Another big blow for the beleaguered cruise industry
By Patti Pietschmann, Travel Diva
The cruise industry is suffering another blow as the CDC extends the no sail rule until October. Not a big surprise seeing how the coronavirus is surging throughout the United States. If everybody would abide by the guidelines of mask wearing and social distancing we might have a better handle on this pandemic. But no.
So the Centers for Disease Control and prevention had to act. And now all passengers on cruise ships with the capacity to carry 150 passengers in US are barred from operating.
CDC supports CLIA’s voluntary cruise suspension
Prior to the CDC announcement, Cruise Lines International Association ordered a voluntarily suspension of operations for passenger cruise ship travel until September 15, 2020. CDC s defends its No Sail Order as a way to ensure that passenger operations on cruise ships do not resume prematurely.
Cruises and Covid19 spread
Cumulative CDC data from March 1 through July 10, 2020, shows 2,973 COVID-19 or COVID-like illness cases on cruise ships, in addition to 34 deaths. These cases were part of 99 outbreaks on 123 different cruise ships. During this time frame, 80 percent of ships were affected by COVID-19.
As of July 3, nine of the 49 ships under the No Sail Order have ongoing or resolving outbreaks. According to U.S. Coast Guard data, as of July 10, 2020, there are 67 ships with 14,702 crew onboard.
Too close for Covid control on ships
The CDC contends that on cruise ships, passengers and crew share spaces that are more crowded than most urban settings. They say that even when only essential crew are on board, ongoing spread of COVID-19 still occurs.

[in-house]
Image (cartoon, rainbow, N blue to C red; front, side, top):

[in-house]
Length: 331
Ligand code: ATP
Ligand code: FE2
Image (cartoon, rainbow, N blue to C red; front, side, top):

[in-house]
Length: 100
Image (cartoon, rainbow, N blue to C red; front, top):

In further defense of it’s current ruling, CDC says, “ If unrestricted cruise ship passenger operations were permitted to resume, passengers and crew on board would be at increased risk of COVID-19 infection.”
And it adds, “Those that work or travel on cruise ships would place substantial unnecessary risk on healthcare workers, port personnel and federal partners (i.e., Customs and Border Protection and the U.S. Coast Guard), and the communities they return to.”
Alaska hit hard
Alaska anticipated 1.3 million cruise passengers this summer. The Last Frontier relies on the industry for much of its revenue and is suffering a large economic loss.
The CDC continually updates its guidance and recommendations to specify basic safety standards and public health interventions based on the best scientific evidence available.
For more information about COVID-19 and cruise ships visit www.cdc.gov/coronavirus/2019-ncov/travelers/cruise-ship/what-cdc-is-doing.html. To view the No Sail Order, go to www.cdc.gov/quarantine/cruise.
While this is a set back, you can still start planning cruises for 2021 and beyond with a Pavlus travel advisor. Folks, let’s hope by then the world will be coronavirus free and we will all sail again.
You can play a large part in the fight against the virus by wearing a mask in public and socially distancing.
Be safe and act wisely.